The ECB, in particular, has set an ambitious target for its waste management. The aim is to cut waste generation by 5% by 2023. The ECB has already taken numerous measures, including improving waste infrastructure on its premises. Further improvements are in the pipeline. In 2021, the ECB has assumed the contracting and management of waste disposal services for its buildings, a significant step towards reducing waste generation in the capital.

The EPA is working with the USDA, FDA, state and tribal partners, and leaders in the food system to develop and implement new tools and interventions that will advance sustainable food management. The national goal will align with SDG Target 12.3, which requires all stakeholders to reduce food waste and keep it in the human supply chain. Efforts will include recycling any remaining food.

Defra - The Department For Environment, Food and Rural Affairs

defra headquarters

Defra is the government body responsible for protecting the environment and promoting food production and farming. It is also responsible for fisheries and environmental protection. You can find out more about Defra by reading this article. Read about the different departments and agencies in Defra. Its headquarters is in London.

Defra is responsible for environmental protection

The Department for Environment, Food and Rural Affairs is the government department responsible for environmental protection, agriculture, fisheries, and rural communities. This department also has responsibility for the budget and policy frameworks. In the United Kingdom, the department is divided into regions, with some policies being devolved. Some policies are overseen at Defra headquarters, such as those on climate change, food production, and sustainable agriculture.

As part of the Government's long-term strategy, the government wants the UK to implement the most ambitious environmental programme in the world. This includes reducing waste, recycling more, tackling climate change, and achieving net-zero emissions by 2050. Defra is developing a draft Environment Bill that spells out the role of the Office for Environmental Protection (OEP). This office will report on progress on the 25-year Environmental Plan, advise on new laws, and investigate complaints against other organisations. However, there are some concerns about the independence of this new agency.

Food production

Defra headquarters is located at Nobel House in Smith Square, London. In January 2008, it had 9,000 core staff. Defra's predecessor, MAFF, failed to contain an outbreak of Foot and Mouth disease in 2001, and the department was created. Since then, the department has expanded considerably and has become a vital part of the UK's food and environmental policy.

The department's current focus is on the importance of the global market in providing the UK with food. However, the UK government has also been talking about enhancing its own food production to be more resilient to supply shocks. However, despite this new policy direction, UK food production is highly dependent on palm oil sourced from rainforest-rich countries. There are omissions in the new strategy, however, and it fails to address the issue of concentrated power structures that have dominated the food market for decades.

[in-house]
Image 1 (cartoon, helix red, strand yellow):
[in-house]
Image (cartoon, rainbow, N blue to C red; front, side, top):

The 2030 strategy acknowledges the importance of the national food supply, but commits to limited direct intervention and favouring voluntary approaches. The 2030 strategy also includes rhetoric aimed at the food industry, with the goal of increasing consumer choice. However, many in the industry feel that the government's plan will make it harder for consumers to make decisions on the food they eat.


Defra headquarters are located in the building known as Nobel House in Smith Square, London. Defra is a department of the UK government, which was created by merging the Ministry of Agriculture, Fisheries and Food (MAFF) with part of the Department for Environment, Transport and the Regions (DETR) and a small part of the Home Office. It was formed after the failure of MAFF to deal with the 2001 Foot and Mouth disease outbreak.

Agriculture is a vital part of our national life, and Defra must recognise that and work to build a strong, positive partnership with the industry. Defra also has a crucial role to play in ensuring a level playing field in competitive conditions throughout the EU single market. But the endless change and expansion of Defra's portfolio has damaged staff morale and put farmers at the bottom of its priority list.

Defra also offers a range of support to the farming industry. For example, the Fresh Start Academy initiative helps new entrants to farming by providing a 12-month course on business skills. This initiative is industry-led, but is supported by Defra. This includes producing publications, staffing stands at agricultural shows, hosting a website, and providing a secretariat.


The Department for Environment, Food and Rural Affairs is responsible for a wide range of issues relating to food production and the environment. These issues include biodiversity, international climate change, animal welfare, and fisheries. In addition, Defra oversees matters related to rural communities and Welsh environmental affairs. Defra's executive agencies and delivery bodies work to deliver policies on environment, food, and rural affairs in English regions. These agencies include Natural England.